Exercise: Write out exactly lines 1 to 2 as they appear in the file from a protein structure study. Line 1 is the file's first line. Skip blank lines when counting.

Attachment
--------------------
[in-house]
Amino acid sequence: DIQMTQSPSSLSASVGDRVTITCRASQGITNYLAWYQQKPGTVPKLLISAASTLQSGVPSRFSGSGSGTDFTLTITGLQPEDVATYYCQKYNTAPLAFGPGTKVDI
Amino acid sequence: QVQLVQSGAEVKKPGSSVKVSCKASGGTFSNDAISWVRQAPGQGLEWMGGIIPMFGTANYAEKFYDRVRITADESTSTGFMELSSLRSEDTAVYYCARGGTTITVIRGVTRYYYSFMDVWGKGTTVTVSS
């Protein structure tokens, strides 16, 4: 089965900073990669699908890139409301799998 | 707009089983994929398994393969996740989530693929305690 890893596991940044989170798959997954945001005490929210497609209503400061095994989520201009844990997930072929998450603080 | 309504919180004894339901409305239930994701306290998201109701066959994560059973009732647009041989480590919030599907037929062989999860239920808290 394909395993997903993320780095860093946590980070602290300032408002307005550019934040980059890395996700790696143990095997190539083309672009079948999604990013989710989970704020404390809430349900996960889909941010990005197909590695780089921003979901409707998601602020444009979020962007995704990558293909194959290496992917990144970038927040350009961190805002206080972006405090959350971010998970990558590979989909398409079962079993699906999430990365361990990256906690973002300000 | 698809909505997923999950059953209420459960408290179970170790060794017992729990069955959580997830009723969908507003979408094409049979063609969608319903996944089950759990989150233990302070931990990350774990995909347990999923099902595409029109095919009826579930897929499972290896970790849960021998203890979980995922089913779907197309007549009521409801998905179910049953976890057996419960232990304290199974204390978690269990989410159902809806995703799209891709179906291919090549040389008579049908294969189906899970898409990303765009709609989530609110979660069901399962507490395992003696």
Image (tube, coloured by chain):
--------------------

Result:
[in-house]
Amino acid sequence: DIQMTQSPSSLSASVGDRVTITCRASQGITNYLAWYQQKPGTVPKLLISAASTLQSGVPSRFSGSGSGTDFTLTITGLQPEDVATYYCQKYNTAPLAFGPGTKVDI